There are better tools to solve the ‘affordability’ problem than a 20% homestead exemption (HEx). Here’s what progressive, fiscally-responsible Austinites must argue.
“It’s just a tax cut for mansions.”
The benefits of a percentage-based homestead exemption disproportionately flow to those with the most property wealth and income. The chart below is the result of Dylan Tynan’s analysis. His work has been featured in the Austin Chronicle.
Simply put, the top 5% will get more dollars than Council districts 1, 2, 3, and 4 combined.
I want to repeat this because it’s just such an indictment of the idea. The top 5% of homesteads by value will get more of the total pot of money than the four Eastern council districts combined. The top 5% gets 16.2% of the total HEx dollars. The combination of districts 1, 2, 3, and 4 gets 15.5%.
To avoid service cuts, the Mayor is proposing a tax increase for the exemption to be revenue neutral. Some of this tax boost will be passed to industrial properties. But some – given the tight rental market – is likely to eventually find its way to renters. Egalitarians and progressives should oppose this; there’s a decent chance that working poor Austinites in rental housing will be paying, say, $50 more per year to finance $1000 tax cuts for the top 5% of Austin. This is the wrong direction for resources to flow if the goal is solving affordability.
“If we are going to have a tax increase, then let’s do things that actually help.”
Programs targeted at modest-income households experiencing financial hardships are the bang-for-the-buck option. Existing programs such as Austin Energy’s Customer Assistance Programs could expand. Or perhaps Council could start a new program aimed at modest-income households catastrophically affected by assessment surges.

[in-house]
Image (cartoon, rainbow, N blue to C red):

“We need a shared prosperity strategy. Not a regressive tax cut.”
A Council-driven “shared prosperity” strategy would link enabling further growth/density with providing the community benefits many growth skeptics fear will disappear. And it would reform our revenue and spending policies to support middle-class and low-income residents.
Specifically, the Council could commit to using a fixed percentage of property tax revenues to subsidize housing construction (including “missing middle” types such as “granny flats”). This aligns proponents of subsidized housing construction with growth and density advocates. Subsidized housing funds should target transit corridors to further aid with affordability by promoting car-independence.
Further, new public investments and existing operating dollars would be prioritized for those communities opting-in to density and growth. Land use liberalization would tie said initiatives together. This would require a new set of “hidden costs” reports that detail the areas that are receiving a disproportionate share of services given their land use.
A shared prosperity agenda would also launch a new “Revenue Reform Commission” to examine the different revenue sources and come up with a revenue approach that places the lowest burden on those with limited incomes by potentially re-calibrating the mix of fees, property, sales, transfers, exemptions, and special assistance programs.
Finally, a shared prosperity approach would create a working group to revisit the City’s large investments in public safety and determine if there are alternatives that are also effective at keeping our community safe but can also serve as income support to families. Expansion of pre-k services is one potential resource shift option.
“If we are going to do it, it should start as a trial.”
The momentum for passage for some version of a percentage-based homestead exemption is the result of a lack of publicly understood alternatives. Opponents of the percentage-based exemption should push for a sunset provision, as well as press-friendly annual studies of its effects.
It’s quite possible that a much less problematic flat-amount exemption will be allowed by the Texas legislature in the near future. Therefore, reducing the substitution friction by future Councils should be fused into the design of any percentage exemption considered by the current Council.
Bonus: HEx impact charts
The scatterplots below visualize each Council district’s share of exemption dollars in comparison to several demographic variables. They were originally featured in this previous discussion of the proposed homestead exemption.